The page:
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- Nutritional condition whose manifestations may involve growth retardation, hypogonadism, cell-mediated immune dysfunction, poor wound healing, poor appetite, hair loss, lethargy, increased incidence of infection, anorexia, diarrhea, and eye and skin lesions related to decreased zinc levels. Zinc is an integral component of >300 enzymes and 3,000 transcription factors and plays structural roles in the cell membrane and proteins. Zinc is essential for wound healing and anabolic processes (1,2,3,4,5).
- System(s) affected: endocrine/metabolic, nervous, skin/exocrine, hematologic/oncologic, gastroenterologic
- 5–35% of ambulatory elderly may have zinc-deficient diets (1,5).
- Zinc deficiency may cause chronic ulcers and impaired recovery from infections. Poor night vision may contribute to increased falls/accidents; loss of taste, which may contribute to worsening nutrition (6)
- Reactive oxygen species leading to inflammation are involved in many chronic diseases attributed to aging: atherosclerosis and coronary artery disease, Alzheimer disease, neurodegenerative disorders, diabetes mellitus type 2, and cancer (1,3).
- Increased depression and poor cognitive function in the elderly are associated with low zinc levels.
- Decreased immune function: Zinc supplementation in one study, elderly subjects decreased the incidence of infection (1)[B].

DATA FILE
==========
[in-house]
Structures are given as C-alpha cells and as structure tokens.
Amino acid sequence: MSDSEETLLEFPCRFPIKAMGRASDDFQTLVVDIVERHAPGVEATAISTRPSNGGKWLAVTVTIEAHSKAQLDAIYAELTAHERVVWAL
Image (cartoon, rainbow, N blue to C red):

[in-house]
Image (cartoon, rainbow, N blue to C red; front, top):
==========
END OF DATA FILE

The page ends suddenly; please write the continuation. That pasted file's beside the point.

- Zinc deficiency may cause failure to thrive and may impair growth and development of secondary sexual characteristics (3).
- Peak requirements during pubertal growth spurt (ages 10 to 15 years old) (2)
- Supplementing deficient children decreases mortality from diarrhea (7)[A] and pneumonia in certain populations (7)[B].
- Rare in the United States
- Globally: Estimated 16% (1.1 billion people) are at risk for deficiency; 90% at risk live in Africa and Asia.
- Highly correlated to per capita gross national income (9)
- May be as high as 28% in hospitalized elderly patients
- Estimated 5–35% in ambulatory elderly
- Predominant age: all ages
- Predominant sex: male = female
Etiology and Pathophysiology
- Insufficient dietary intake
- Diet lacking in animal proteins (dairy, eggs, meat, seafood)
- Parenteral hyperalimentation without zinc supplementation
- Breastfeeding (infants)
- Cystic fibrosis
- Increased requirements
- Rapid growth phase in childhood
- Major trauma
- Systemic illness resulting in oxidative stress
- Increased losses
- Renal disease
- Inflammatory bowel disease, steatorrhea, enterostomy, fistula
- Sickle cell disease
- Diuretics: thiazides, chlorthalidone
- Decreased absorption
- Diet high in phytates (plant fiber)
- Acrodermatitis enteropathica, an autosomal recessive deficiency in the enzyme required for intestinal absorption. These patients have bullous pustular dermatitis around oral, anal, genital orifices, thymic dysplasia, diarrhea, malabsorption, steatorrhea, and multiple repeat infections. It is fatal if untreated, although complete recovery possible with adequate supplementation.
- Drugs: chelating agents, penicillamine, tetracyclines, quinolones, bisphosphonates
- Usually acquired
- Rarely caused by acrodermatitis enteropathica (autosomal recessive inheritance)
- Associated with sickle cell anemia (autosomal recessive)
- Drugs: diuretics, penicillamine, sodium valproate, iron chelators, ACEI/ARB, cisplatin
- Low socioeconomic status
- Living in developing nations
- Strict vegetarian diet
- Malabsorption syndromes
- Thermal burns
- Chronic renal failure
- Adequate diet
- Supplementation when indicated (see “Medication”)
Commonly Associated Conditions
- Acrodermatitis enteropathica
- Sickle cell anemia
- Advanced age
- Diarrheal illness